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'The Longest Farewell' review: Absorption Doc ponders the cost of traveling to Mars

You’d be hard-pressed to find a fictional representation of long-distance space travel that doesn’t focus on the psychological toll of isolation and claustrophobia. It’s the seed for everything from Elton John’s “Rocketman” and David Bowie’s “Space Oddities” to the likes of Moon and Alien Movies like this, and then multiple episodes of The Twilight Zone and most of For All Mankind.

Maybe in the deepest part of the galaxy we’ll encounter instrument-destroying solar flares, colonizing aliens, or whatever happens in a Chris Pratt and Jennifer Lawrence movie, But the more tangible threat may just be loneliness.

The longest farewell

Bottom line Rushed, but mostly effective.

Place : Sundance Film Festival (World Film Documentary Competition)

Director: Ido Mizrahy

1 hour minute

Watch Ido Mizrahy’s Sundance premiere documentary

The Longest Goodbye

as a prequel, then, to every sci-fi story ever told. Exploring the realms of NASA’s real-life attempts to deal with previously whimsical fabulists, The Longest Goodbye has occasional access issues and doesn’t have enough time to expand on its strongest themes. But the questions that this documentary and its subject ask are compelling, thoughtful, and in some ways universal.

Mizrahy’s investigation began when NASA was on the verge of developing the next spaceflight. After decades of somewhat stagnating, our attention has been focused on the International Space Station, but multiple presidents have pledged to return to the moon, followed by the first crewed mission to Mars.

It was this process that prompted us to revisit the way we filled the astronaut side of the program. Anyone who has read or watched The Right Stuff knows that the first astronauts were test pilots, daring adrenaline junkies who paled during psychological tests , and was selected for missions that sometimes only lasted a few hours for their ability to make split-second decisions. Astronauts today are expected to try to make a possible three-year trip to Mars before returning.

“It’s an engineering culture,” says Dr. Jack Stuster, an expert on so-called “human factors.” Measured. “

This is where Dr. Al Holland, the true hero of the documentary, comes in. Holland is a Houston-area psychologist who was brought in by NASA to To oversee a freshman psychological preparation team, study the factors that may lead to mission-jeopardizing problems; find out the criteria for selecting astronauts who will face these problems; and find solutions to protect the A scaled-back mission.

Mizrahy and writer/producer Nir Sa’ar take us from the recent past to the present and into the future to highlight what breakthroughs we’ve actually made. which solutions are still speculative fiction.

This documentary is on the strongest footing in the first two time frames. In the recent past, we have Cady Coleman, who spent six months on the ISS at 87 while her son Jamey was in fourth grade. In addition to their webcam interactions at the time, Cody and Jamey also offer their differing perspectives on trying to maintain a family relationship during a chronic absence defined by technological lag and normal thrills and insecurities.

Now, we meet new astronaut Kayla and her husband Tom. A former submarine officer, Kayla is the prototype of the kind of astronaut Holland hopes to recruit – she’s funny, introspective, and she’s on good terms with her husband Solid. But what happens when they can’t talk directly on a daily or weekly basis or at all?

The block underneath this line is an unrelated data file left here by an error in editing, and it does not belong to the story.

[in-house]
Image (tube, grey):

Mizrahy is here to show our stance on ideas that sci-fi buffs know well, but are still in Various stages in progress. Holland’s extended team includes experts in virtual reality, artificial intelligence, and even travel hibernation, which won’t help families get back to Earth, but could save astronauts from going through months of estrangement—pun intended— — Travel.

Mizrahy doesn’t have the same access to every part of this story, and it shows. While Cady and Jamie are featured throughout, Kayla and Tom seem Will be the center of the series, but their storyline kinda falls apart as she spends a lot of filming time in space. Then, when it comes to the forward-looking side, it’s clear we’re nowhere near usable virtual reality and usable artificial intelligence –no offense to the floating sphere known as CIMON–much farther than movies and TV show, and no one has given any indication of how long astronauts need to effectively “freeze” for their trip. The documentary sidesteps what practical alternatives might work in the short term.

Sometimes footage from the space station or training is very good, but Mizrahy isn’t that good at coming up with footage when it’s not available Alternatives are gone. There are some unimpressive CG representations of deep space, but it’s a tentative flourish that doesn’t add anything. When the film turns to an anecdote about the stressful situation in the Earth-Mars simulator experiment, Mizrahy resorts to half-hearted partial reenactments before ultimately dropping it—too bad, because it’s a good story.

These constraints hindered the documentary as it neared the end of its run time, like a truncated minute run time. The film never finds a way to connect its ideas to broader conversations that could make anyone feel more connected in an increasingly divided world.

Full credits

Venue: Sundance Film Festival (World Film Documentary Competition) Director: Ido Mizrahy

Writer: Ido Mizrahy, produced by Nir Sa’ar Filmmakers: Ido Mizrahy, Nir Sa’ar, Paul Cadieux Executive Producers: Valda Witt, Lois Vossen, Sally Jo Fifer, Susanne Gebhardt, Kai Henkel, Guy Lavie, Amit Goren, Keren Gleicher , Maryse Rouillard Editor: Anouk Deschenes Photography: Boaz Freund Composer: Ramachandra Borcar

1 hour minute

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